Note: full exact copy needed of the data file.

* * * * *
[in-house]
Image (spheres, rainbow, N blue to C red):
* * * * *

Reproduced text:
[in-house]
Image (spheres, rainbow, N blue to C red):